One of them is the Cardano project which is loved by its huge and diverse, worldwide community.
The Pesky Centralization Problem
Despite all the progress that we have collectively made, the natural forces that motivate humans to pursue any worthwhile endeavor still continue to find ways to consolidate power and control; even in blockchain networks where this very idea is despised.
Every blockchain network existing today still has the real tendency for its control to be consolidated into the hands of a few participants.
In Bitcoin and other projects still using the proof-of-work consensus, the most influential participants are those who own the biggest pool of computing (hashing) power. This hashing capacity is what allows a participant to produce the new blocks that are added to the chain. And the ability to produce these blocks is in turn the source of power within the system.
That’s because the transaction fees and a portion of the unissued currency in the network are given as rewards to the participant who produced each new block. So, more hashing capacity equals more blocks, equals more of the network’s currency. Aside from this, the ability to produce a new block itself can be thought of as a license to write the next page in the history of that blockchain. And once something is written in the blockchain, it remains there for as long as the chain lives.
If a bad participant is able to write transactions into blocks without opposition from other participants, they can basically print their own money. And then we’re back to where we all started.
In blockchain projects using the proof-of-stake consensus (currently the most popular alternative to proof-of-work), instead of hashing power, participants are competing for new blocks with the size of their “stakes”. In this case, the participants who seek power are trying to consolidate as much stake into their control as possible.
Cardano is one of these proof-of-stake blockchains and probably the most promising one. Instead of going straight to their code editors to write the software applications, they actually went through the tedious academic and scientific process of peer review to have their system concepts critiqued, refined, improved, and developed by many of the best thinkers in the world.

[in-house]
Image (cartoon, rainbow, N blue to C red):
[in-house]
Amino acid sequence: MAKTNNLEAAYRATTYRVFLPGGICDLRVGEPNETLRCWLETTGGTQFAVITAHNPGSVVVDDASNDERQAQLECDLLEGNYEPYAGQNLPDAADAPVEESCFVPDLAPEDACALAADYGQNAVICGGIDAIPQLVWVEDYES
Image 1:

But still, Cardano and its counterparts are not totally invulnerable to the powerful force inside us humans that drives us to pursue more and more power in whatever system we participate in. There will always be some of us who will work tirelessly to get past the measures put in place in the system.
The hope we have in Cardano however, is that it is one of their repeatedly stated goals that this network will continue to pursue decentralization; that by design, the system will “push power to the edges”. So that no single participant is systematically disadvantaged.
And so far, the community around it can see that the core entities developing Cardano are listening to the community’s feedback. This makes us hopeful that we can really get there, to the promised future of decentralized financial systems. At least in this one aspect of our society, we get to be truly free.
In Case of Regression
As a parting reminder, if the most influential participants of a blockchain network betray this promise of decentralization, it will eventually die. After all, it will be no better than our current banking system. At least our current banking systems are sanctioned by law.
After all the hard work and science, we will have regressed if we let that happen. And for those who sought the power and control, they can then have all of it in a system that no one uses.
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Feature image by starline.